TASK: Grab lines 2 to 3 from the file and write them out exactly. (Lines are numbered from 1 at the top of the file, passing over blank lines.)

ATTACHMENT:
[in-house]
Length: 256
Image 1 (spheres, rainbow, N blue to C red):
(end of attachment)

Length: 256
Image 1 (spheres, rainbow, N blue to C red):